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Operating income and revenue are important metrics that show the income earned by a company. However, the two numbers are different ways of expressing a company's earnings. Revenue and operating income have different deductions and credits involved in their calculations, and both are essential in analyzing whether a company is performing well.

Revenue

Revenue is the total amount of income generated by a company for the sale of their goods or services. Revenue is often called the top line because it's located at the top of the income statement. Revenue is the income generated before any expenses are taken out. Therefore, when a company is said to have "top-line growth," the company's revenue is growing. Revenue is also called net sales which is revenue minus any returns of purchased merchandise. 

For example, a shoe retailer earns revenue from selling shoes, but the revenue figure is before deducting any expenses for running the business. If the company has other sources of income from investments, for example, the income is not considered revenue since it wasn't the result of the primary business. Any additional income is accounted for separately.

Operating Income

Operating income is a company's profit after subtracting operating expenses or the costs of running the daily business. Operating income helps investors separate out the earnings for the company's operating performance by excluding interest and taxes.

Operating expenses include selling, general & administrative expense (SG&A), depreciation, and amortization, and other operating expenses. Operating income does not include money earned from investments in other companies or non-operating income, taxes, and interest expenses. Also, any nonrecurring items are not included such as cash paid for a lawsuit settlement. Operating income can also be calculated by deducting operating expenses from gross profit whereby gross profit is total revenue minus cost of goods sold.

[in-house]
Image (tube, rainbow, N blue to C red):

Example: Comparing Revenue and Operating Income 

J.C. Penney Company Inc. (JCP)

Below is an example where operating income and revenue are highlighted to illustrate the differences between the two figures. The income statement is for J.C. Penney as of the end of 2017 as reported on their 10K annual statement.

  • Total revenue or total net sales was $12.5 billion for 2017. Net sales is revenue minus returned merchandise which is common for retailers. 
  • Operating Income was $116 million and is located further down the statement after deducting the expenses associated with operating for the year. The expenses included cost of goods sold of $8.1 billion and SG&A, or costs not directly tied to production, of $3.4 billion for a total of $12.39 billion (highlighted in red) to come up with the $116 million in operating income.
  • Net income is the bottom line or earnings for the company and came in at -$116 million (a loss) for the year.

The Bottom Line

J.C. Penney earned $116 million in operating income while earning $12.5 billion in total revenue. The difference between the two numbers shows why analyzing financial statements can be challenging. Alone, the $12.5 billion in revenue appears impressive at the onset, but when factoring in expenses, the operating income was only $116 million.

Also, you'll notice that net income posted a loss for the year of $116 million after deducting the interest paid on the company's outstanding debt. The above example shows the importance of using multiple metrics in calculating the profitability of a company before investing.

For more on analyzing financial statements, please read "How the Income Statement And Balance Sheet Differ?"

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